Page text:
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Sheep On Drugs - New Cross Inn, London, 13/10/2012

  by Tom Fogarty

published: 29 / 10 / 2012

Sheep On Drugs - New Cross Inn, London, 13/10/2012


Tom Fogarty finds electro punk duo Sheep on Drugs both funny and thrilling in a rare gig at the New Cross Inn in London

Sheep on Drugs are a dark electro punk duo from the mid-90s. Never mainstream, but, with a small hardcore and dedicated legion of fans, they became notorious for their extreme stage performances. Their sound can only be described as brutal. I only discovered them because - as an avid tattoo fan and collector - I knew of original founding member, Duncan X, who is one of the most famous tattooists currently working in London. Long since having left the band, he has now been replaced by Caitlin McKenna, who has breathed a fresh lease of into the act. They seldom play anymore, so when I heard they were playing at a gig at the New Cross Inn, a mere 20 minutes from where I live in Camberwell , it was an opportunity too good to miss. They were playing on the same night as the also newly reformed Terrorvision, another 90’s band that I have a soft spot for (albeit they are playing at a different venue). Still I've seen Terrorvision before, so tonight Sheep on Drugs win. When I walk in, the support act, Spucktute, are well into their lively set. The small venue is already pretty full, and there is a lot of expressive dance going on. The place is full of middle-aged punks who really should know better. "Middle aged" is giving them the benefit of the doubt in all honesty; I'm rapidly approaching middle age - some of this lot are old. I'm clearly the youngest face in the room, and that doesn't happen that often anymore. It's an oddly refreshing experience. In front of the stage a woman throws herself around wildly, a bit like Stacia from Hawkwind. It could actually be her. A rough mathematical calculation estimates that she would probably be around the same age. She's not naked, and not so well-endowed up top, but her are armpits are on display and they are exceptionally hairy. Aggressively so. I try to ignore her and hope she sits down soon before this monstrous sight spoils my whole evening. The band are playing a good set, and the singer begins a rant about electro disco beats, long black coats and people who listen to the Human League. Ironic, given the music and the clientele on display here tonight. A man pogo frantically in the audience while a Charles Manson look-a-like stares out into space vacantly. Everyone else looks like refugees from Slimelight and seem to be having a good time, despite the ghostly makeup (mainly worn by the men). The lead singer looks a bit like how I imagined my old headmaster to look in his private life. It’s something of an understatement to say I feel slightly out of place here; leather trousers and Sid Vicious superglue hair abound. Individuality is clearly the order of the day – they are all varieties of hair colour on display, all of them jet-black. Surrounded by men in leather vests, I am the only member of the audience prudent enough to be wearing a sensible autumn jumper. This is nothing however, compared to the pandemonium when Sheep on Drugs take to the stage. As they stride through the bar and up onto the stage, for a brief moment I think that hell is about to open. A grizzled old man, who looks like a lifetime methadone addict, wildly smacks his crutch against the pillar at the front of the stage. This does not bode will. “We are Sheep on Drugs and we are here to do you over…,” they shout, before diving into a high-paced, energetic and above all else – noisy – set. Original member, Lee Fraser, casts an imposing figure as indeed does new member, McKenna. This is the kind of environment and atmosphere that Sheep on Drugs thrive on. They play all the hits – ‘Motorcycle’, ‘A-H and Back Again’, ‘Sex Drive’ and ‘15 Minutes of Fame’. They play many more that I don’t recognize and this makes me think I should revisit the back catalogue – there is some really strong material here. The highlight track of the show comes mid-set when they play a cover of the Velvet Underground’s ‘Waiting for My Man’, accompanied by a frantic Drum ‘n’ Bass backing track. A moment of sublime genius. A young bloke staggers into the toilet and emerges moments later with a four-letter swear word scrawled on his forehead in felt tip pen, and I know the end is nigh. This is has been a great event – funny and thrilling in equal measure – and I hope to see Sheep on Drugs touring more often in the future. For the last track of the night, the band strip topless and spray paint their torsos with black, and I know it really is the end. And then a drunken man falls over. I can’t think of a better way to end the night than that.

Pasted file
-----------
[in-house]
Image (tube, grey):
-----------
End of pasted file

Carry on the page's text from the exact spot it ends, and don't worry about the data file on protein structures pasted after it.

Picture Gallery:-
Sheep On Drugs - New Cross Inn, London, 13/10/2012

Sheep On Drugs - New Cross Inn, London, 13/10/2012

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